To keep our bellies full, all you had to do was cross the dance floor to the back door that would lead us down to the taco truck. I would be lying if I said that the burritos and quesadillas were not worth every penny. After a nice meal and a few sips from my cocktail, we would make our way back into the downstairs warehouse to check out the beautiful art on display, the vendors selling all sorts of festival swag, and the gravity massage that had many feeling loose as a goose and ready to rave!

Subtle Events Warehouse/Block Party
The Misting Tree / Photo Credit: Electric Frequencies

The Misting Tree proved its worth on one of the hottest days of the week.

Moving to the outside stage dubbed The Misting Tree, once again we were met with comfortable surroundings, even though the temperatures were spanning into the high 90’s. With a festival inspired canopy covering the bar that reached across the dance floor, party animals could dance to their heart’s content as misters rained down the relief as we fought the baking sun. This would be the spot to be as the sun dipped below the horizon, offering a Campout-inspired vibe that I will get into later in this review.

In this locale, you could find anything from a CBD station to a vendor selling sweet snowcones. Those were probably the two most important additions as the weather was truly unrelenting. After making a purchase from each of these vendors I was armed with the energy to bust a move among the billowing essence of the underground! And so, it was time to move on to the final stage and immerse myself in a guttural techno domain.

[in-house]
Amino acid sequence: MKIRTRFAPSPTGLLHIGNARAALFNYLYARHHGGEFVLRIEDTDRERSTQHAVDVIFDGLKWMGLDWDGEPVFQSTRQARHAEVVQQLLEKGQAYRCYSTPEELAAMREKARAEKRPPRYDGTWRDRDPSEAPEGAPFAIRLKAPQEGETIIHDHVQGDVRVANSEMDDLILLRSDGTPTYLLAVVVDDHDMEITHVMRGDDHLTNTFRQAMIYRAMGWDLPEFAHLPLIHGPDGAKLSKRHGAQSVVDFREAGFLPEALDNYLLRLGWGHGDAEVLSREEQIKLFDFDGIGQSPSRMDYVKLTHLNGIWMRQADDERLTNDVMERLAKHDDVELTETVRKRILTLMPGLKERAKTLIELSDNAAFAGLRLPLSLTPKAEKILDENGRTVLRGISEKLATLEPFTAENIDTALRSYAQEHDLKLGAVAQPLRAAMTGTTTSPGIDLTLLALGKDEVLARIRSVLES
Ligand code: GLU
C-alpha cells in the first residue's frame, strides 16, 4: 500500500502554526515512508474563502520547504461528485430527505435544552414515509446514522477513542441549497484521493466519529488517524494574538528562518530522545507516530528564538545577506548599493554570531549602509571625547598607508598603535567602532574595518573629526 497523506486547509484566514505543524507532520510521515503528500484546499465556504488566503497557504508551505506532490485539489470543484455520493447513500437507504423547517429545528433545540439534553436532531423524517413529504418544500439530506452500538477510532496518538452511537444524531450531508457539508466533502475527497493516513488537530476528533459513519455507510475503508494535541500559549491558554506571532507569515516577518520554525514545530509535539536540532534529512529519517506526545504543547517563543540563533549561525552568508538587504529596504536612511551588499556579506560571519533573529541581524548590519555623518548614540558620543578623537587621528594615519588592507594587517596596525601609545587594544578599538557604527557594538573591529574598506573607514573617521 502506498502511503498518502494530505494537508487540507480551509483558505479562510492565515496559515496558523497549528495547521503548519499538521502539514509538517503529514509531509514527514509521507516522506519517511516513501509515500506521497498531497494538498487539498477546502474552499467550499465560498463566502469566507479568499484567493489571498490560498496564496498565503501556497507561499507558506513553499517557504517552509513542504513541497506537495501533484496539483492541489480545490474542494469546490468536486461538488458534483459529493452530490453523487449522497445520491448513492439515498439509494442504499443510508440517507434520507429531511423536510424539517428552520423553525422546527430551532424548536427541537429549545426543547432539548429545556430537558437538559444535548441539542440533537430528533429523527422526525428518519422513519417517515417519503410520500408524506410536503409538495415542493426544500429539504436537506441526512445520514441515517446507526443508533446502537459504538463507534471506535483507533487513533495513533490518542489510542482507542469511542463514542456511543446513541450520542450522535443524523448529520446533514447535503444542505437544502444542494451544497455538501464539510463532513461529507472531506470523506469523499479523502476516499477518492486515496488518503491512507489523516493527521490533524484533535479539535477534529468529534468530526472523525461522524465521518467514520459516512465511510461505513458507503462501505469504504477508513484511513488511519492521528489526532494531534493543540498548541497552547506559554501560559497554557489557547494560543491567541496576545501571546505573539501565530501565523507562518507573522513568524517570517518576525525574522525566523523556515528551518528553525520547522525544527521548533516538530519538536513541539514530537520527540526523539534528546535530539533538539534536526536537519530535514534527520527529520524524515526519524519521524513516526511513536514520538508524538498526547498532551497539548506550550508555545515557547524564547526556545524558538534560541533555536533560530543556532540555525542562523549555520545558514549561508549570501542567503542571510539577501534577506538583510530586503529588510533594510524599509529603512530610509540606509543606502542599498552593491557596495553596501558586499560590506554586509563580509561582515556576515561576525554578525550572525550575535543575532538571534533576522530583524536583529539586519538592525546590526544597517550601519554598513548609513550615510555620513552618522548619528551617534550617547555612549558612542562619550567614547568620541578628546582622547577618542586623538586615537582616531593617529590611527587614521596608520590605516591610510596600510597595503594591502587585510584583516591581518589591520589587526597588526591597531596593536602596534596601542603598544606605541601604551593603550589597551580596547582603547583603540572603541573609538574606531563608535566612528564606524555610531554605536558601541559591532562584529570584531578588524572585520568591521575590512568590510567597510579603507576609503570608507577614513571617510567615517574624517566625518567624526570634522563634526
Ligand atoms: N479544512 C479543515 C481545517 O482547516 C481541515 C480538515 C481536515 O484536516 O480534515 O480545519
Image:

Subtle Events Warehouse/Block Party: Ncturnal
Ncturnal at the Upstairs Warehouse / Photo Credit: Electric Frequencies

The final stage could be found in the Upstairs Warehouse, the spot for techno insanity.

Now, this stage didn’t come without a flub and as many of us who have been in the scene long enough will know, sometimes you just have to roll with the punches. On set up, it became clear that the air conditioner unit was malfunctioning. The Subtle guys stayed locked in and focused on the issue, knowing that it could turn into a health hazard with the Atlanta summer heat. Everyone stayed very positive as we knew that the organizers would not let us down. Before we knew it, there was a new unit delivered and was up and running by the time Ncturnal took the stage.